OPELIKA, Ala. — After his fifth game as an Auburn Tiger, Charles Barkley cried.
Barkley had just suffered his first college loss, an 86-79 defeat at Tennessee. The future NBA Hall of Famer and Olympic gold medalist wasn’t used to being on the wrong side of the scoreboard, so he broke down in front of some puzzled teammates.
“They were like ‘Dude, are you all right?’ and I said, ‘Yeah, we lost,'” Barkley said Monday at the Bruce, Barkley and Basketball Golf Classic. “They were like ‘Are you going to cry every time we lose?’ and I said, ‘Dude, I lost like two games in high school. Every time we lost, of course I cried.’
“I remember the conversation. They were like, ‘We’re used to losing around here.’ I remember that. And I said, ‘That’s gonna change.’”
Barkley brought that change. He led Auburn to the NCAA Tournament for the first time in school history in 1984 — the start of a five-year streak for the Tigers. But he didn’t do it alone.
“If you remember when I came to Auburn, we weren’t good,” Barkley said. “It’s a process. No. 1, you have to learn how to win. No. 2, you have to get good players. And my third year is when it kicked in for us. So to me, I say in three years we’re going to be a good basketball team.”
Auburn had a few high points after Barkley’s departure for a superstar NBA career, but that old losing feeling in basketball has been around his alma mater for most of the last couple of decades.
Now Bruce Pearl, the man tasked with changing that like Barkley did under Sonny Smith, is entering that crucial third season on the Plains.
Pearl’s staff — one that includes Barkley’s old Auburn teammate, Chuck Person — recently brought in a recruiting class that was ranked No. 25 nationally by 247Sports and has the country’s No. 3 ranked class for 2017.
That’s a major amount of improvement in the eyes of Barkley, who was blunt about Auburn’s talent level before Pearl arrived.
“I think sometimes what people don’t understand is there’s a reason somebody got fired,” Barkley said. “(Auburn) wasn’t any good. So it takes time. Everybody thinks you can just come in and we’re going to start winning.
“No, we still got the s—ty players the other coach (who) got fired had. So he’s finally got some players.”
Barkley is pleased with the progress of the Tigers under Pearl. He showed his support over the weekend by helping him raise money for the basketball program in a golf fundraiser at the Robert Trent Jones Golf Trail’s Grand National course in nearby Opelika.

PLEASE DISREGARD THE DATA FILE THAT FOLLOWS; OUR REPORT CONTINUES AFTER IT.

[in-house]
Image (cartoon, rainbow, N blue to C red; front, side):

“This is a fundraiser for Auburn basketball,” Pearl said Monday. “Next year, we’re taking a foreign trip. You can take a foreign trip every four years. That’s a pretty big-ticket item. So it’s good to have that. There will be improvements to the arena, improvements to the locker room … It’s just, from a standpoint of developing our program, we’ll need that stuff.”
Pearl hopes that off-court progress through the fundraising will coincide with more wins in that big third season Barkley references.
The talent level has been raised, but there are several major challenges ahead. The Tigers’ tallest scholarship players top out at 6-foot-8, and they could start as many as four freshmen this season.
“I’ve never, never coached a teammate as a head coach or as an assistant that is as young as this team,” Pearl said. “It’s going to present with us physical challenges … We’ve got to take advantage of what we have. So what do I do? I do the same thing Charles Barkley does. I think I’ve always been honest with our fans.
“Watch them play hard. Watch them compete. Watch them get better. Watch them win some games they’re not supposed to win. Win the games we’re supposed to win and know that there’s hope. There continues to be really good hope because of the good, young players in our program.”
Barkley sees the hope in the talent level of Pearl’s young team. It’s similar to what he saw when his own Auburn teams turned the corner in his junior season and got closer to the Big Dance.
“Listen, I have great faith in Coach Pearl and everything I thought would happen is happening,” Barkley said. “If you remember when I came to Auburn, we weren’t good. And it’s a process … I think he’s probably ahead — he’s got more good players than we had.”